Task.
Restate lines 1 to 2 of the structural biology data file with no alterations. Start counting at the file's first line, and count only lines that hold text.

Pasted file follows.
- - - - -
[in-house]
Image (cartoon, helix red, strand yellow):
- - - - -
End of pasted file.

[in-house]
Image (cartoon, helix red, strand yellow):